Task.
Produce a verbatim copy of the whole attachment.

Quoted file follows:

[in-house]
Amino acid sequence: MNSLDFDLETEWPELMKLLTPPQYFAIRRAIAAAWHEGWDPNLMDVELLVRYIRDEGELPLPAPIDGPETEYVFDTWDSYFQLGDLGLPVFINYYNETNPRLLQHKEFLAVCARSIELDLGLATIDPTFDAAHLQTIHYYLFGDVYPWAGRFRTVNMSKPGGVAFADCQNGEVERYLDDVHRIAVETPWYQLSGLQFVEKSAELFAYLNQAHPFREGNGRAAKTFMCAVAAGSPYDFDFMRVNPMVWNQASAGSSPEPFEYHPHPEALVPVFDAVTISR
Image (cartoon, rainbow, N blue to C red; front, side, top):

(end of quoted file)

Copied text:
[in-house]
Amino acid sequence: MNSLDFDLETEWPELMKLLTPPQYFAIRRAIAAAWHEGWDPNLMDVELLVRYIRDEGELPLPAPIDGPETEYVFDTWDSYFQLGDLGLPVFINYYNETNPRLLQHKEFLAVCARSIELDLGLATIDPTFDAAHLQTIHYYLFGDVYPWAGRFRTVNMSKPGGVAFADCQNGEVERYLDDVHRIAVETPWYQLSGLQFVEKSAELFAYLNQAHPFREGNGRAAKTFMCAVAAGSPYDFDFMRVNPMVWNQASAGSSPEPFEYHPHPEALVPVFDAVTISR
Image (cartoon, rainbow, N blue to C red; front, side, top):